By Pat Anson, Editor
We have smartphones, smart cars, smart appliances and smart watches.
So perhaps it was inevitable that someone would invent smart underwear.
That’s exactly what a team of engineering students at Vanderbilt University in Tennessee have done, although their underwear isn’t designed to park your car, count your steps or check your blood pressure.
They’ve invented a bio-mechanical undergarment that helps prevent back pain by reducing stress on back muscles. The device consists of two sections, one for the chest and the other for the legs, which are connected by straps across the middle back, with natural rubber pieces at the lower back and glutes. It looks like something Ben Affleck might wear in the latest Batman movie.
"I'm sick of Tony Stark and Bruce Wayne being the only ones with performance-boosting supersuits. We, the masses, want our own," jokes Erik Zelik, an assistant professor of mechanical engineering at Vanderbilt who led the design team.
"The difference is that I'm not fighting crime. I'm fighting the odds that I'll strain my back this week trying to lift my 2-year-old."
Zelik experienced back pain after repeatedly lifting his toddler son, which got him thinking about wearable tech solutions. Low tech belts and braces designed to give support to tired back muscles have been on the market for years, but many are bulky, uncomfortable or just plain unattractive.
"People are often trying to capitalize on a huge societal problem with devices that are unproven or unviable," said Dr. Aaron Yang, who specializes in nonsurgical treatment of the back and neck at Vanderbilt University Medical Center. "This smart clothing concept is different. I see a lot of health care workers or other professionals with jobs that require standing or leaning for long periods. Smart clothing may help offload some of those forces and reduce muscle fatigue."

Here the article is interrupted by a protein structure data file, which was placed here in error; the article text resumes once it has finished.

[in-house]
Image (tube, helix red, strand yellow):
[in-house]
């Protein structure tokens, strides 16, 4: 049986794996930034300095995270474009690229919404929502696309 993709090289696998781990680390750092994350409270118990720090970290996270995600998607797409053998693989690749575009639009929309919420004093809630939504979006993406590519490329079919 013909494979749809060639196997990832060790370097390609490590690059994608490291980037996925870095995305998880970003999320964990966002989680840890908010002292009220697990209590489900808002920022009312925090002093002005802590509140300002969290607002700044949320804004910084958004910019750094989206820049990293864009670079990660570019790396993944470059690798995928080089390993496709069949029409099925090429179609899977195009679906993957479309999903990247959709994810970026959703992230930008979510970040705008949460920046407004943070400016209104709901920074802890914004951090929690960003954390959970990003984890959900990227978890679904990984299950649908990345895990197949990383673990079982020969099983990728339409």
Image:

The new, as yet unnamed device is designed so that users engage it only when they need it – like moving furniture or lifting 2-year old toddlers. A simple double tap to the shirt tightens the straps. When the task is done, another double tap releases the straps so the user can sit down comfortably and go about their business.
The device can also be controlled by an app, with users tapping their phones to engage the smart clothing wirelessly via Bluetooth.
Eight people tested the undergarment by leaning forward and lifting 25 and 55-pound weights at a series of different angles. The device reduced activity in their lower back extensor muscles by an average of 15 to 45 percent for each task.
"The next idea is: Can we use sensors embedded in the clothing to monitor stress on the low back, and if it gets too high, can we automatically engage this smart clothing?" Zelik said.
The team unveiled the undergarment last week at the Congress of the International Society of Biomechanics in Brisbane, Australia, where it won a Young Investigator Award for engineering student Erik Lamers, one of the team members. The device makes its U.S. debut next week at the American Society of Biomechanics conference in Boulder, Colorado
The smart clothing project is funded by a Vanderbilt University Discovery Grant, a National Science Foundation Graduate Research Fellowship and a National Institutes of Health Career Development Award.